Next to Christmas, Midsummer is the most important celebration for the Swedes – perhaps less so for the Norwegians. In Sweden Midsommar is celebrated on the first Friday of the summer solstice. Norwegians celebrate the coming of summer on the 23rd of June every year on a day they call ‘Sankt Hans Aften’. Most bigger towns celebrate Midsummer. For a unique experience, visit the Midsummer celebration in the Jamtli Museum in Östersund (Sweden).
Dancing, eating (pickled herring, potatoes) and drinking are important ingredients for a successful Midsummer celebration. And nice weather, of course. You will usually see people wearing flowers in their hair or on their hats. Flowers are also used to decorate the maypole or Midsommarstången. The peak of the festivities sees the Swedes imitate frogs, hopping around the maypole while singing the classic tune ‘Små grodorna‘ (The small frogs).
Valborg is short for Valborgsmässoafton. It is a day of celebrations and activities around Sweden, culminating in lighting bonfires (majbrasor). Valborg is celebrated on the 30th of April each year. Valborg is a very old tradition and used to be about scaring bad spirits. Nowadays, Valborg is all about celebrating that spring has finally arrived.
National Day of Sweden
Sweden’s national day is a national holiday in Sweden on 6 June. This is the date on which Gustav Vasa was elected king in 1523, after he led an uprising to break the union between Sweden, Denmark, and Norway. It was also on the 6th of June that a new constitution was adopted in 1809. The name was changed to Swedish Flag Day in 1983 but it wasn’t until 2005 that it became an official public holiday.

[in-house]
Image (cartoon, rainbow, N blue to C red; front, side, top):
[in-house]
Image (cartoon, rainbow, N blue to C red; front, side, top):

Norway’s Constitution Day
Constitution Day or syttende mai (‘Seventeenth of May’) is the national day of Norway and is an official public holiday observed on 17 May each year. The Constitution of Norway was signed on 17 May 1814. The constitution declared Norway to be an independent kingdom. Nowadays the celebration is very non-military in nature. In addition to raising the flag, people typically wear red, white and blue ribbons. It is also very popular for men, women and children to wear traditional outfits, or bunad.
Olavsfestdagene is a huge religious and cultural festival held in Trondheim around Olsok (‘Olav’s Wake’ or ‘Olaf’s Vigil’, the end of July) every year. During the festival more than 300 events with 800 international and Norwegian artists are presented. Music, markets, games, exhibitions, church services, lectures and – oh yes – jousting are part of a big line-up of activities. Olavsfestdagenes is historically connected to the veneration of St. Olav. Pilgrims from many countries choose to visit Nidaros Cathedral during the festival.
The Saint Olav Drama
The Spelet om Heilag Olav is an outdoor theatre performance played every end of July in Stiklestad on Scandinavia’s largest open-air stage. The play commemorates the Battle of Stiklestad that took place in the year 1030, which resulted in death of St. Olav. The play has been staged every year since 1954. The Saint Olav Festival at Stiklestad also includes lectures, plays, concerts and a medieval fair with traditional foods, handicrafts and activities. Not to be missed when you are in the Stiklestad vicinity in July!